NewsLocal News


Victories and controversies: Auon'tai Anderson reflects on DPS Board term

As Denver Public Schools prepares to swear-in new members of the school board on Tuesday, Auon’tai Anderson who will not seek re-election is reflecting on the past four years.
Auon'tai Anderson.jpg
Posted at 3:29 PM, Nov 27, 2023
and last updated 2023-11-27 19:43:09-05

DENVER — As Denver Public Schools prepares to swear in new members of the school board on Tuesday, DPS Board of Education Vice President Auon’tai Anderson, who will not seek re-election, is reflecting on the past four years.

Anderson, who many consider a prominent yet polarizing member of the DPS Board, first ran for the board in 2017 but lost that campaign. He ran again in 2019 and won the at-large member position.

“My first 50 days in office, we passed the largest LGBTQIA+ inclusion resolution in the district history, which mandated all-gender restrooms across our district, which allow students to self-identify without parental consent. And it really affirmed and reaffirmed our support to the LGBTQ+ community,” Anderson said. “In October of 2020, we passed the Know Justice, Know Peace Resolution. It was born out of the work of four amazing Black women who attended school at Dr. Martin Luther King Early College, who went to Washington, DC, and walked around the Black History Museum, and then had a very frank conversation with their school leader and said, ‘Why did we have to travel 1,600 miles in order for us to learn about our Black history? We should be learning this in Denver Public Schools,'” Anderson said.

That resolution would revamp Black history curriculum throughout DPS.

“We also unanimously as a board in 2020, removed school resource officers from our buildings. It resulted in a 90% decrease in tickets and citations, essentially eradicated the school-to-prison pipeline,” Anderson said.

Anderson was very vocal about his support for the decision to remove SROs from DPS, but the removal would prove to be controversial.

Following several shootings involving students near Denver’s East High School and the shooting of two deans inside the school, some parents and community members blamed the violent incidents on the DPS Board of Education’s decision to remove SROs.

“I still think it was the right decision. And if I was on the school board for another four years, I would be yet again leading the charge to remove SROs from schools. We don't need a school system that is over-policed and has negative impacts on our black and brown children. Right now. 197 campuses in our district don't have the sense of safety, there's only the 13 schools that have SROs,” Anderson said. “I think that people were, they had their fears weaponized against them after this shooting at East High School. The group that was been that's been most critical of Denver Public Schools being ‘Resign DPS’ was founded and started by the lawyer of the police union. And so when you have an individual who has a financial interest, and if Denver Public Schools has police in it or not.”

Anderson said while he does not agree with Denver Police Chief Ron Thomas’s stance on officers in schools, he has confidence in Thomas as a leader.

“I was grateful to see that he was reappointed as the chief of police. And I believe that he can serve as a positive role model to Black students,” Anderson said. “I have also relied on Denver Police during my term in office on several occasions because serving in this elected capacity has led to both me and my family receiving death threats, has led to us needing to rely upon those that swore an oath to protect and serve. And so I'm grateful for the protection the Denver Police Department has granted me and my family over the last four years.”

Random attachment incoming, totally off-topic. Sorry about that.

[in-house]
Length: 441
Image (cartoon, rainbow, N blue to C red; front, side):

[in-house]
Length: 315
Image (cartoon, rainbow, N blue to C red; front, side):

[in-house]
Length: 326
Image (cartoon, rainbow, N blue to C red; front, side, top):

Aside from policy controversies, Anderson faced an anonymous claim of sexual assault. An independent investigation found the most serious allegations were not substantiated but that Anderson had “flirtatious social media contact” with a 16-year-old DPS student.

“I went through an unprecedented public lynching that our city saw,” Anderson said. “I've always been straightforward and honest, that there was a time where I engaged with somebody in a non-sexual manner, and had a platonic conversation and when learning the individual's age, stopped all communication, the investigation corroborated that. And so, I'm just disappointed that people weren't able to see that.”

Anderson is leaving office at a time when some members of the community have criticized Denver’s school board for allegedly being "dysfunctional" and "ineffective". But Anderson said he disagrees with those descriptions.

“This school board is not dysfunctional. It has been the most effective school board in recent history for this district. We've raised the minimum wage to $20 an hour, teacher compensation is 59% higher than what it was when I entered office. We dismantled the school-to-prison pipeline. We passed universal dyslexia screening, we passed the Know Justice Know Peace Resolution, and we went in and made sure that if you are locking Black children and seclusion rooms, you're fired. So we've held, we've held the line of being an effective school board, and I dare anybody to point us to another district in the metro area or even in the state that has been more effective than this board at supporting Black and Brown children. And also making sure that we have the highest pay for our educators in the state of Colorado,” Anderson said.

Anderson is now preparing to run for the Colorado House of Representatives District 8 seat which is currently held by Colorado State Representative Leslie Herod.


Victories and controversies: Auon'tai Anderson reflects on DPS Board term

D7 follow up bar 2460x400FINAL.png
The Follow Up
What do you want Denver7 to follow up on? Is there a story, topic or issue you want us to revisit? Let us know with the contact form below.